NZD continued to rise and is now around 0.7350 USD; JPY was the top performing currency, rising half a percent against the USD; 10 year Treasury yield is 2.63%, having reached a 3-year high of 2.66% earlier this week

NZD continued to rise and is now around 0.7350 USD; JPY was the top performing currency, rising half a percent against the USD; 10 year Treasury yield is 2.63%, having reached a 3-year high of 2.66% earlier this week

By Nick Smyth

It was more of the same again overnight, with US stocks pushing higher and the USD weaker.  The US administration announced it was increasing tariffs on imported solar panels and washing machines, although this hasn’t really dented sentiment.  The NZD continued to rise and is now around 0.735. 

Yesterday, the US administration announced it was imposing increased tariffs of up to 50% on imported washing machines and up to 30% on imported solar panels.  While Trump had pledged to get tough with America’s trade competitors during the election campaign, the move yesterday was the first time he had directly signed off on increased tariffs in his time in office.  The key question is whether the move marks the start of a shift towards more protectionist trade policy or whether it was a symbolic gesture to appeal to a section of his constituency.  The initial market reaction seems to suggest the latter as global stock markets rose regardless, although it’s certainly one to watch. 

US stocks moved higher again overnight, buoyed by better than expected earnings results.  The S&P 500 was up around 0.2% while the NASDAQ was up 0.6%, both new record highs.  The latter was boosted by Netflix, which jumped 10% after reporting faster than expected growth in subscription numbers and providing better than expected guidance for first quarter earnings.  Of the 68 companies that have reported earnings so far, 82% have beaten analyst expectations. 

The USD is generally weaker again, with Trump’s imposition of tariffs seemingly the latest excuse to sell the dollar.  The NZD was one of the best performing currencies again overnight, reaching a high of 0.7365 before falling back a little as we speak.  As we noted in our Weekly yesterday, the NZD has been supported by buoyant global risk appetite, recent rises in dairy prices and probably some short-covering activity.  The key focus for the NZD this week will be Thursday’s release of CPI.  

The JPY was the top performing currency, rising half a percent against the USD to a three month high, despite the rise in global stock markets (the yen has historically been seen as a safe haven currency).  At the BoJ’s meeting yesterday, the central bank kept their inflation and growth forecasts unchanged and Kuroda said “we’re in no condition yet to debate the timing and method of an exit from ultra-easy monetary policy”.  But the yen reacted positively as the BoJ upgraded its language around inflation expectations, which they said had been stable recently, rather than falling.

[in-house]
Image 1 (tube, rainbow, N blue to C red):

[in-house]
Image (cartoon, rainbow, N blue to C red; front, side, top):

Japanese bonds were largely unmoved on the BoJ.  US Treasury yields have fallen a few basis points overnight on no real news, although they remain close to recent highs.  The 10 year Treasury yield is 2.63%, having reached a 3-year high of 2.66% earlier this week. 

The AUD was one of the worst performing currencies overnight, falling almost half a percent, despite the USD weakening against most of the G10.  The 3.5% fall in iron ore futures prices yesterday may have contributed to its poor performance, as well as a failure to break convincingly above 0.80.  Consequently, the NZD/AUD has risen sharply over the past 24 hours, although at 0.92 it is still within the range it has traded the last few weeks (albeit at the top end). 

The CAD and MXN also fell overnight, possibly because the market extrapolated Trump’s imposition of tariffs to tougher NAFTA negotiations, which kick off again this week. 

In the day ahead, we receive the UK employment report and the European PMIs, while more US companies will also be reporting earnings.  Later this week the focus will turn to the ECB meeting and US GDP. 


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